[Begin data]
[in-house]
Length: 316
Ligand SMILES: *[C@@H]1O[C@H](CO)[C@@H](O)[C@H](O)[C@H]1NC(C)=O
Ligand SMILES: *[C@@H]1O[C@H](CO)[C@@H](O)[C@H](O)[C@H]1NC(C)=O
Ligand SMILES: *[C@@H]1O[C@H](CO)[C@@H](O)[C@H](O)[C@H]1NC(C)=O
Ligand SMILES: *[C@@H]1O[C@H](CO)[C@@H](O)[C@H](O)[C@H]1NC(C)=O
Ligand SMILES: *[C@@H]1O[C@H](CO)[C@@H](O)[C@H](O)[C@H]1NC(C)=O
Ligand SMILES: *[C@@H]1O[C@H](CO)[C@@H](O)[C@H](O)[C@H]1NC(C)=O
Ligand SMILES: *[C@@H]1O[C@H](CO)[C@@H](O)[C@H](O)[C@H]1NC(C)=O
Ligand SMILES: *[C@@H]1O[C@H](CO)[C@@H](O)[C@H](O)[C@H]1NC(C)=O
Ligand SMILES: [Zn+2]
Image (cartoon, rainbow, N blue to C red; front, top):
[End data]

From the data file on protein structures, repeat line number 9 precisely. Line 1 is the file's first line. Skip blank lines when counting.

Ligand SMILES: *[C@@H]1O[C@H](CO)[C@@H](O)[C@H](O)[C@H]1NC(C)=O